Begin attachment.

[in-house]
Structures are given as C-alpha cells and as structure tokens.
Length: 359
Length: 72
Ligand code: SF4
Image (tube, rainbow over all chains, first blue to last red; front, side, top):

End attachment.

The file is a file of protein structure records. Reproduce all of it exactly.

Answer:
[in-house]
Structures are given as C-alpha cells and as structure tokens.
Length: 359
Length: 72
Ligand code: SF4
Image (tube, rainbow over all chains, first blue to last red; front, side, top):